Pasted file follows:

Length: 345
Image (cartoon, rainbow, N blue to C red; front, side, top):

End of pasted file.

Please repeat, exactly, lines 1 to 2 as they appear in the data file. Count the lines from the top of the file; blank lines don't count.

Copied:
Length: 345
Image (cartoon, rainbow, N blue to C red; front, side, top):